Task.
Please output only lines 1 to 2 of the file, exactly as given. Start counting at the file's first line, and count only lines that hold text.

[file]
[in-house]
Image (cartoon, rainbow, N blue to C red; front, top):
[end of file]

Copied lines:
[in-house]
Image (cartoon, rainbow, N blue to C red; front, top):